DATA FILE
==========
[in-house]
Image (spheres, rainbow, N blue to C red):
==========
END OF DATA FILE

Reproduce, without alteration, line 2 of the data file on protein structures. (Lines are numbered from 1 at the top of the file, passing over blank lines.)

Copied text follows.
Image (spheres, rainbow, N blue to C red):